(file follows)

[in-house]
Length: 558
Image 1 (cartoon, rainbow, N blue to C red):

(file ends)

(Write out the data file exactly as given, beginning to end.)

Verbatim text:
[in-house]
Length: 558
Image 1 (cartoon, rainbow, N blue to C red):